Last night, I was browsing TechCrunch for interesting reads on tech. I noticed something. Tech doesn't seem to be happy with Trump. There's an article about the influence social media had on the way we gauged Trump's chances of beating Hillary. Heck, there's even a post about Facebook admitting they need to address the spread of false information.
Remember how people reacted when Trump said the elections were rigged, partly by the media? And now you're saying that tech-wise, it was 'rigged' the other way around?
Think this over.
You are in control.
I'm currently in the midst of reading The 7 Habits of Highly Effective People by Stephen R. Covey. The first habit is about pro-activity. It discusses how there are things in your circle of influence and things that are in your circle of concern. The latter contains things that or on your mind but you don't control, things you can't influence. Blaming tech for Trump is like saying "social media controls me" or "the only media I consume is the media that flows through my newsfeed based on some algorithm I don't control (nor completely understand)". It's putting the blame not on yourself but on some outside force.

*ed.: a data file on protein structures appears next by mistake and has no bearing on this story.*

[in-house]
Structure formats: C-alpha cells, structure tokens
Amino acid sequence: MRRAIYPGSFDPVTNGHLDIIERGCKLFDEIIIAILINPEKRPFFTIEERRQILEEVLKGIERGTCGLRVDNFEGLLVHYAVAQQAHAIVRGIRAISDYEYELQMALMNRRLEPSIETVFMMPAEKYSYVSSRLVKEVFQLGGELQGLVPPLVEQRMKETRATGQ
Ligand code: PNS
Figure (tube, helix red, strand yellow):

If you're not happy with the outcome, deal with it. You're living in a democracy. Think about what you could have done differently, what you would do differently in four years. Think about the things you could have influenced and can influence during the next election. Don't just go and blame some newsfeed for the outcome.
Just so you know, in the 22 September 2015 edition of Tim Ferriss' popular podcast series , Scott Adams mentioned how he thinks that Trump may actually become president, and why. And in the words of Wait but Why's Tim Urban: it's going to be okay.
The filter is still on
One of the TechCrunch posts I've mentioned discusses how the Facebook bubble has popped. How by only connecting to like-minded people, you only see information of like-minded people:
The Facebook bubble just popped. Half the country today is still in shock. Reality crashed down and many were presented with a world that didn’t match up with the one they’ve inhabited in the months leading up to the U.S. election.
If you state something like this, also admit that the bubble hasn't actually popped. Just think about this:
- How many posts did you read about how Trump will have [a bad influence] on [a subject]?
- And how many were a positive reaction to the results of the elections?
As Tim Urban sais in his post: for every person that doesn't like the idea of Trump as president, there's one who does.